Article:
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Monday, September 7, 2009

Breaking up is hard to do

Here's a new Oregon court case at the intersection of two hot-button topics: same-sex couples and public employee pensions. If a retired state employee who's in a gay domestic partnership designates his or her partner to receive a continuing retirement annuity after the employee dies, and then the couple breaks up, can the retired employee cut the "ex" out of the contingent future annuity and thereby increase the employee's own monthly benefit? Apparently, hetero- married employees get this option, but the state retirement board says it can't allow the same option for gay ex-domestic partners without risking running afoul of the federal tax code. (Federal law does not recognize same-sex marriage.)

Last week, a state appeals court ruled that the board couldn't deny the option simply because it might screw up the tax treatment of state pensions -- the board would have to find that it would definitely do so. And so round and round the legal wheels spin.

Although this narrow case may be resolved within a few years, the underlying legal mess regarding the rights of gay couples probably won't get straightened out for another few decades -- at least.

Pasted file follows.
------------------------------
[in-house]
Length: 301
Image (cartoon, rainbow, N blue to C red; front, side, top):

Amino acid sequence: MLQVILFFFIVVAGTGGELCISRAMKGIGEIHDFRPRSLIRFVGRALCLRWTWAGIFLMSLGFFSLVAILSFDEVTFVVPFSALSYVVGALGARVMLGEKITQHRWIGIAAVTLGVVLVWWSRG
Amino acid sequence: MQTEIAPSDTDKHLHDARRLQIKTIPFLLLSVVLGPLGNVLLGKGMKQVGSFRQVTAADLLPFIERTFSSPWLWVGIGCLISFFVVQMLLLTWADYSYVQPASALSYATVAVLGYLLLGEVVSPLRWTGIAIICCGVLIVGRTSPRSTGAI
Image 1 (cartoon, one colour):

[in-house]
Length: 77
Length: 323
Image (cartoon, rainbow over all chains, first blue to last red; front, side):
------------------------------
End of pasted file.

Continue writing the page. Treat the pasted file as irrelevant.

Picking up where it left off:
Comments (4)

Well the feds don't like it when non-married folks cover their partners and their partners kids on their company health insurance but their rules just say that the company must declare their part of the contributions as taxable income and that the portion contributed by the partner is taxable income(while a married couple would have the spouse's contribution not be considered taxable and the company's contribution would not be taxed). Now there's some special rights.

I suspect that if PERS asked the feds how this situation should work, there'd be an answer that would not include keeping ex's on the dole forever.

IF PERS asked the Feds is the operational part of the sentence. The fact is that PERS consistently asserts that its tax status would be jeopardized if they do x, y, or z, without ever showing evidence that this is the case. Here we have a set of judges who've finally called PERS up short on this point and have said, "show me the proof" that this is true. Otherwise, just do it. PERS has never sought a tax court ruling or a private ruling to clarify the tax situation for the plan in these kinds of cases. They are so busy spending member money and taxpayer money to bully members into litigation, it is nice for a change to see a court say, "whoa, wait a minute here". Let PERS get a tax ruling before saying yea or nay.

I get that many governmental agencies think that they actually make law and policy rather than implement it. But that's because the executive branch of government is out of control and the legislative branch is spineless worrying about re-election.

Too true! Do we actually have an executive branch in Oregon?

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